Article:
Almost uniformly, this is to the chagrin of the creators of those stories invoked with a smirk by Parscale and company. In December, when the Trump campaign sent the Thanos tweet, the character’s creator (and Marvel Comics legend) Jim Starlin compared the experience to “being violated.” George Lucas himself, a dyed-in-the-wool 1960s radical who envisioned the original “Star Wars” as a pro-Viet Cong parable, consulted on an anti-Trump ad from former Senator Bill Bradley’s Super PAC before the 2016 election.
But it’s hard to imagine the average Trump supporter — and certainly not the man himself — caring about such a thing. Through the MAGA lens, the creative impulse behind those characters isn’t something to be respected piously, or parsed earnestly for sociopolitical relevance. In fact, Trumpworld’s relationship with something like “Star Wars” might ultimately be slightly more reasonable than that of your humble author: as nothing more than a trivial entertainment that might occasionally serve as a shared reference point or shallow reflecting pool.
Recall Trump’s advice to Charles Foster Kane, the protagonist of “Citizen Kane,” a favorite film of his. When the documentarian Errol Morris asked the future president in 2002 if he would give any advice to the fictional Kane, a man torn apart by hubris and his obsession over his own work and legacy, Trump’s response was simple: “Get yourself a different woman.” Trump couldn’t have been less interested in psychoanalyzing Kane as a proxy for Orson Welles, or a metaphor for unchecked power and ambition. Kane merely served as a lens through which Trump could implicitly present himself as the savvier, ideal version of the fictional tycoon. (After all, he’s followed his own prescription for Kane twice now.)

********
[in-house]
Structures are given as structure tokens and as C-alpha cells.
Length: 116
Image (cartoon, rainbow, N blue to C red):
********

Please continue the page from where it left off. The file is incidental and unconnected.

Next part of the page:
The best example of the Trumpian ethos in pop culture, and how the president’s fans bear it with pride, is one that mostly passed without remark. As the Democratic-controlled House prepared for its impeachment inquiry last September, Parscale warned that he would “laugh this much when everyone figures out how much @realDonaldTrump played @SpeakerPelosi,” followed by a frequently used gif of Leonardo DiCaprio’s exaggerated laughter as the penny-stock scoundrel and convicted fraudster Jordan Belfort in 2013’s “The Wolf of Wall Street.”
The gif is taken from the film’s climactic scene, in which Belfort’s foil, a mostly glum, by-the-book FBI agent played by “Friday Night Lights” star Kyle Chandler, boards Belfort’s palatial yacht to question him as part of a securities fraud investigation. Chandler’s agent gets Belfort cold on tape attempting a bribe. The laugh that Parscale appropriated comes right after Belfort is threatened with the seizure of his treasured yacht, and immediately before he launches into a panicked, self-aggrandizing tirade — “Good luck on that subway ride home to your miserable, ugly fucking wives… you guys want to take some lobsters for your ride home? Fucking miserable pricks, I know you can’t afford them!” He finishes up by tossing $100 bills, or “fun coupons,” at Chandler and his partner as they walk away, defiant in the self-justifying nature of Belfort’s excess.
The philosophy on display in Parscale’s “Wolf of Wall Street” tweet is very simple, and it’s the same one that’s revealed in the Trump team’s gleeful, impish identification with far more fantastical villains like Darth Vader. Victory is defined by the extent to which one is enjoying the spoils. Following the rules is for suckers and schoolmarms.
Belfort, on the other hand, is a real person who ultimately served real prison time for securities fraud and money laundering (and is now, as Martin Scorcese’s film points out in its mordant conclusion, a successful motivational speaker). He’s also a Trump supporter.
If Trump’s camp is trolling the world with its Machiavellian embrace of fictional villainy, it might reflect even another level of self-awareness — a hard-won acknowledgment that occasionally, despite everything, the rule-followers eke out a win.